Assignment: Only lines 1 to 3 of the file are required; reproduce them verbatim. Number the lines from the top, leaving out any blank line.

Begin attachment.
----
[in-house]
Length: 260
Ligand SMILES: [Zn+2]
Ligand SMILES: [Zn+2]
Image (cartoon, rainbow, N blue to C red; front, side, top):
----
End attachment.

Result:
[in-house]
Length: 260
Ligand SMILES: [Zn+2]